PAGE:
Nearly 2,100 years ago, a Jewish writer ingeniously used a quill to mark the last strokes of black ink on a piece of paper. His work, a copy of the book of Isaiah from the Old Testament of the Bible, was to form, once completed, a seven-meter scroll. Now, did he complete his work or was he another writer?
Although the Dead Sea Scrolls were discovered more than 70 years ago, today’s advanced computing technologies are unlocking the secrets of the hands that wrote these famous texts. Professor Mladen Popovic of the University of Groningen in the Netherlands thinks he knows the answer.
“My idea was simply to turn to palaeontology; that is, to the font used in ancient documents,” Professor Popovich points out. Paleontology is the scientific study of ancient manuscript texts. Your goal is to determine when and where it was written. The texts typically appear on manuscripts, but are also found on ceramics, metals, textiles, and even graffiti, such as those discovered on the walls of Pompeii.
“The way you or I write is completely unique,” Popovich says. “It depends on muscle movement and it’s very personal.” Using artificial intelligence (AI), subject matter expert Lambert Schumaker and other members of HandsandBible project funded by Horizondeveloped new computational machine learning methods for analyzing numerically written ancient texts.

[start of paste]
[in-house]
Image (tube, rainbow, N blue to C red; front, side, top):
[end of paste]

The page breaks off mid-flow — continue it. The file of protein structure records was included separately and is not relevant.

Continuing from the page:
“The great thing about today’s technology is that you can create multispectral images, study pixels and then do all kinds of calculations and translate them into motion,” explains Professor Popovich. “Through their line, we can, so to speak, shake hands with them.”
The research team spent endless hours painstakingly tracing the Hebrew letters to teach a computer model what was ink and what wasn’t ink. The result was 3D models of handwritten text with more than 5,000 mathematical dimensions.
The way you or I write is completely unique, it depends on the movement of the muscles and it is a very personal thing.
Mladen Popovic, Professor at the University of Groningen
Back in the lab in the Netherlands, Marouf Dhali, one of the team members, was baffled by the results the AI returned. According to him, about halfway through the text of the Isaiah scrolls, the writing changed enough to assume that another writer took over. This result, although statistically significant, is almost imperceptible to the naked eye.
The staff considered other options. Can he change pens? Could he have stopped writing and returned to work much later? “Although their writings are very similar, the most likely explanation is that they were two different scribes,” Popovich says. “One scribe is so skilled at imitating the other that with the naked eye the difference is indistinguishable.”
Although the academic community has debated before the possibility that the Scroll of Isaiah contained more than one writer, this is the first solid evidence for the existence of two different ones. Could AI be wrong? According to Popovich, that is less likely. To him: “A paleontologist is a lot like a black box. We don’t know exactly what’s going on in our heads. Although we’re experts at this, we can’t explain all of our paleographical thinking.”
In his view, using a computer trained on data encourages photographers to better explain their visual observations.
The ability to identify scribes’ personal writing and relate it to various works provides scholars with an entirely new way to engage with texts and learn about the culture of these scribes.